“It is the effect of allotment that we’re dealing with here,” Yawakie said.

Rich Janssen, CSKT Natural Resource Department head, said he lives next to Read but “he has never asked me to hunt on his land to help with his deer.”

CSKT Tribal Council Chair Tom McDonald, who was the former director of the CSKT Fish and Wildlife Division, said the initiative threatened more than 70 years of precedent and a good working relationship with the state of Montana and FWP. It also threatened the federal funding the tribes receive from the Pittman-Robertson fund which aids wildlife management and research, and the Dingle-Johnson fund, which helps with fisheries management.

“To have a singular event like this turn Montana into Texas is a critical wrong, and it makes it very difficult for us to manage that resource in a thoughtful way,” McDonald said. “If it comes to the time when we want to utilize private landowners, that needs to be done under our rules and regulations. And we will have that in our tool bag if it comes to it. We are very much not at that level right now.”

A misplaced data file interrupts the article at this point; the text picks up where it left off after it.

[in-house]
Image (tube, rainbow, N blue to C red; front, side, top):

Evaro resident Jock Conyngham of the Montana Sportsmen Alliance said he bought his place on the Flathead Reservation with full knowledge that he wouldn’t be allowed to hunt big game on his property but he doesn’t feel limited. A tribal license still allows him to hunt and fish on the reservation.

CSKT staff attorney John Harrison said that the privilege of non-tribal members to hunt and fish could be rescinded if the initiative passes. The privilege is the result of a stay in the “Kool” lawsuit, where the tribes argued that they, and not the state, have jurisdiction over wildlife on the reservation. That led to a 2010 agreement between the tribes and the state, which also allows fishing on the south end of Flathead Lake.